NURSING - ASSOCIATE DEGREE NURSING (RN)
A registered nurse (RN) deals with people - sick, injured, and well. They are present at the most critical times in a person’s life - at birth and death, at times of joy and sorrow. They work in a variety of settings including hospitals, long-term care centers, home health agencies, hospices, group medical practices, and community-related programs. In addition to providing direct patient care, the RN often coordinates the health care team.
This career is suited to persons who are caring and sensitive to others’ thoughts and feelings. Honesty, compassion, intelligence, and motivation are important qualities for the RN, as well as leadership, organization, and attention to detail. Students take courses in anatomy/physiology, psychology, social sciences, as well as gerontological, medical-surgical, psychiatric, pediatric, and obstetrical nursing. Upon completion of the program, the graduate is eligible to take the licensing exam for registered nurses (NCLEX). NC State graduates have an outstanding success rate of passing the licensing examination.
The Associate Degree Nursing program is a five-semester program that is approved by the Ohio Board of Nursing and the National League for Nursing. Specific information about the program accreditation may be obtained from the National League for Nursing Accrediting Commission (NLNAC), 3343 Peachtree Road NE, Suite 850, Atlanta, Georgia 30326.
LPN to Associate Degree RN: LPNs may articulate into the RN program to complete their Associate Degree in Nursing. Students who have successfully completed BIOL1101, BIOL2751, BIOL2752, PSYC1010, and PSYC2010, or who have received transfer credit, qualify to take RNUR1125 - Transitional Concepts in Nursing. (CHEM1030 and PSYC1010 may be taken concurrently). Following successful completion of RNUR1125, students may enroll in second-level RNUR courses: RNUR2030, RNUR2050, and RNUR2070.
Enrollment in the Associate Degree Nursing program is limited. There is a special admission procedure. PNUR to RNUR articulation programs are also available. Please contact the Admissions Office for details. The Board of Nursing may, at its discretion, refuse to accept the application for licensure of any person who has been convicted or has charges pending against them for a felony or who has been convicted of a misdemeanor resulting from or related to the use of drugs or alcohol.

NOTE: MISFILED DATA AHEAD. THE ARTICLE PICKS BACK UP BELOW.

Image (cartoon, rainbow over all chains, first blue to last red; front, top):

The Associate Degree Nursing department publishes a student handbook which delineates specific department/program policies which are not explained in the general catalog. The specific policies as described in the department's student handbook take precedence over any general policy outlined in the College catalog. A copy of the handbook is available for review in the Admissions Office. A minimum grade of C is required in all non-RNUR courses* (BIOL1101, BIOL2751, BIOL2752, BIOL1550, ENGL1010, ENGL1030, CHEM1030, PSYC1010, PSYC2010, COMM1010, the humanities elective) and all RNUR classes in order to meet prerequisite and graduation requirements (* applies only if taken on or after Fall 2012).
The Associate Degree Nursing program contains a sequence of clinical classes that begin in the Fall Semester each year. Entrance into this clinical sequence is limited to students who have successfully completed the entrance requirements. Copies of the entrance requirements are available from the Admissions Office. An acceptable health physical and verification of immunizations/immunities are required. Students may begin non-RNUR courses any semester. An acceptable Bureau of Criminal Identification and Investigation (BCI&I) report/FBI background check and drug screening is required in order to enter the clinical sequence. The department also requires that students attend an NCLEX review course as a required component of the last nursing course and successfully complete a comprehensive exit examination. The Associate of Applied Science degree is awarded for the completion of this program.
Program Learning Outcomes